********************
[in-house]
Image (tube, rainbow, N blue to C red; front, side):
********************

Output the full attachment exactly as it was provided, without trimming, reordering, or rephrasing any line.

[in-house]
Image (tube, rainbow, N blue to C red; front, side):